Could infants with Autism Spectrum Disorder be identified by geometric image preference?

Research published in Molecular Autism identifies a possible test to identify Autism Spectrum Disorders (ASD) in infants and toddlers through the use of geometric images.

Autism spectrum disorders affect around 1 in 100 children in the UK. It can be characterized by difficulties in social-interaction and communication, plus a tendency to engage in repetitive behaviors. One common symptom of the disorder is not showing interest in or wanting to play with other children. However, symptoms and their severity vary widely, making diagnosis difficult.

My colleagues and I at UCSD are pursuing a new test to determine whether infants and toddlers as young as one year old are beginning to manifest ASD. During testing, a technique known as eye tracking uses reflection of light from the cornea to map out gaze patterns, while two short videos compete for a child’s attention. One video depicts a favorite topic of typically developing toddlers, other kids at play. The second video depicts a theme more unusual for typical toddlers, geometric shapes and abstract designs.

Toddlers, under 30 months old when they participated, were tracked and evaluated every 6-12 months until they were 3 years old when a final diagnosis was given. At each visit licensed clinical psychologists assessed toddlers using various methods including the Autism Diagnostic Observation Schedule (ADOS), Mullen Scales of Early Learning (MSEL) and Vineland Adaptive Behavior Scales (VABS); as well as obtaining additional family and medical histories.

Across several studies of these Geometric Preference tests, and despite changes to the details of the social and geometric videos presented, an important phenomenon persists. The toddlers who spend the most time viewing the geometric patterns and the least time viewing the social video go on to be diagnosed with ASD. Further, this subset of ASD toddlers are likely to be substantially challenged by the disorder, because they consistently have more severe scores for social communicative deficits and restricted repetitive behaviors than other children with ASD.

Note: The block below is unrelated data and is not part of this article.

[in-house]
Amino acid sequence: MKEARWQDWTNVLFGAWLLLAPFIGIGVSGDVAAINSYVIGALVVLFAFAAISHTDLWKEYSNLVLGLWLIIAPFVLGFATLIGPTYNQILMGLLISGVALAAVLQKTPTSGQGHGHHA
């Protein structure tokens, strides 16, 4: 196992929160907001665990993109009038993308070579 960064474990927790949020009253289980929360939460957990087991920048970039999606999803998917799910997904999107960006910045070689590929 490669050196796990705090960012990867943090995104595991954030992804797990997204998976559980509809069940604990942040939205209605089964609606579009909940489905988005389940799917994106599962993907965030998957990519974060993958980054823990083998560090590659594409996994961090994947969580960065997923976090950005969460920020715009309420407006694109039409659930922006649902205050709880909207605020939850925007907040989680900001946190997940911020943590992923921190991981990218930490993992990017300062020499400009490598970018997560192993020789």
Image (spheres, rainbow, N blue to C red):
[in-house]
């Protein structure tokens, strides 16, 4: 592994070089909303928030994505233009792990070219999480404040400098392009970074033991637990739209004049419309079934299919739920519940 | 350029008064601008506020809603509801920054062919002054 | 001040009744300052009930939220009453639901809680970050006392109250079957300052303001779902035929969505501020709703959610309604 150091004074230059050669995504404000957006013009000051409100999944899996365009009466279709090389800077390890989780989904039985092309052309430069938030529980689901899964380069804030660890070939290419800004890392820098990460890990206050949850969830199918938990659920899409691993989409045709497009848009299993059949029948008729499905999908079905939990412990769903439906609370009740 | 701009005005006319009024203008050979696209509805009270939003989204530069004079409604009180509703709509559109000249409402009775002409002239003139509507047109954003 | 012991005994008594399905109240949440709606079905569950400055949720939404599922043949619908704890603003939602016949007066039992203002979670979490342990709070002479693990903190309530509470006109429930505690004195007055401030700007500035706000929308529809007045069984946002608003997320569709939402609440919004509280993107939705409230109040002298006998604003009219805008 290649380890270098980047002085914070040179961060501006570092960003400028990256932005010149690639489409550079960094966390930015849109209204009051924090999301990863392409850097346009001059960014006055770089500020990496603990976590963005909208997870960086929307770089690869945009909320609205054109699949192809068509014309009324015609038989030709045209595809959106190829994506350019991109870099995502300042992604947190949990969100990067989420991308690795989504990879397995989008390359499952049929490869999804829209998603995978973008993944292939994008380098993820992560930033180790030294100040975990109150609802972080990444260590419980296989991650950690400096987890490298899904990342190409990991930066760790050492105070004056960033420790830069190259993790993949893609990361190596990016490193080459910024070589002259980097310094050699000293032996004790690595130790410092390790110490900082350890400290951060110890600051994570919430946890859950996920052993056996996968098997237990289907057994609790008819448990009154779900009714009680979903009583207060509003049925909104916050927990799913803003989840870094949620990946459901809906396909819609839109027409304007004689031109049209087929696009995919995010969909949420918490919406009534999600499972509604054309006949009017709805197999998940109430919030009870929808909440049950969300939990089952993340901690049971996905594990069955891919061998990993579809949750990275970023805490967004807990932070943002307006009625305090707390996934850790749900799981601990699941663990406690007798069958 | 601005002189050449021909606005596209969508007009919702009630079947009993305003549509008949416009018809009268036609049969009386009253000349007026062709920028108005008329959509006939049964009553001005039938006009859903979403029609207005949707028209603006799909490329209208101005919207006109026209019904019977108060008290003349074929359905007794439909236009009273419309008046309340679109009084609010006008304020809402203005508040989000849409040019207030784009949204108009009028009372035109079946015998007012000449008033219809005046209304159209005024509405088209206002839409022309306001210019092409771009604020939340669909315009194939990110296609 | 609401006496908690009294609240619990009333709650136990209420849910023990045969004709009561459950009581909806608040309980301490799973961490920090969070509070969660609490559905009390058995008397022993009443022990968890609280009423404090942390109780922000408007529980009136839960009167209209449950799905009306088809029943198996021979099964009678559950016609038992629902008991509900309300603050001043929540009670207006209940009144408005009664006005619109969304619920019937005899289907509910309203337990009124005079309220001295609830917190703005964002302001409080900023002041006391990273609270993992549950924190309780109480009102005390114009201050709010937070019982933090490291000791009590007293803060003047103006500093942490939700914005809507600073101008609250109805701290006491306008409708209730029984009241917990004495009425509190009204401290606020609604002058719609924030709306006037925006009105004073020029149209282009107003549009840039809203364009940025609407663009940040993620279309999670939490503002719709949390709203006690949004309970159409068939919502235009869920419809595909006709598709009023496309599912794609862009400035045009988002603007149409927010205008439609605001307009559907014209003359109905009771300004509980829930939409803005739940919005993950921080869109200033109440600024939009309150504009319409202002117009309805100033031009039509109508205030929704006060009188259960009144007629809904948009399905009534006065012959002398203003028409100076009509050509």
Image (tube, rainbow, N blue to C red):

This is the second GeoPref eye tracking test created at our Center, and this particular GeoPref test differs from the original test by the addition of social interactions between multiple children. The original social video shows children energetically moving their bodies in interesting ways, however, the kids depicted aren’t interacting with one another. In contrast, our new social video is focused mainly on kids face to face with one another, speaking together and reacting in ways that nonverbally communicate surprise, or amusement, or agreement, or disagreement.

While evidence shows that early identification and treatment of ASD improves outcomes, the younger the child is, the more difficult it is to say with certainty whether some unusual behaviors mean he or she is on the autism spectrum. Pediatricians see a lot of toddlers who seem to be struggling with something behavioral, but it’s not clear what or why.  Because both our GeoPref tests are highly specific, there’s a low chance of false positives, so this tool can add certainty to an uncertain situation.

The original GeoPref test finds with high specificity that toddlers who most strongly prefer these geometric shapes have ASD. But the original test can’t rule out ASD, because some toddlers with ASD do watch the video of kids in motion. Unexpectedly, for the new test not only were all the kids with the highest scores ASD, none of the kids with the lowest scores were ASD. This means the new test can not only identify infants with ASD, but also rule-out ASD risk in some kids who may have concerning behaviors.

In this study we were also happy to find that by combining multiple GeoPref tests, we were able to identify additional toddlers with ASD, that is, two GeoPref tests were more sensitive than one. Our next step is to design a series of eye tracking tests like this one that when combined will maintain the high specificity we’ve achieved, while increasing the sensitivity. We want to be able to ensure we continue to detect severely impacted kids with our tests, whilst also being able to identify those children that are less severely impacted, but nonetheless do fall somewhere on the autism spectrum.

Adrienne Moore

Adrienne completed her Master’s Degree in Cognitive Science at UC San Diego, using EEG to study brain responses to viewing emotional faces.  Currently, at the UCSD Autism Center, Department of Neurosciences, she works primarily on eye tracking as a method for early identification of children at risk for autism as a Project Manager and PhD Candidate.

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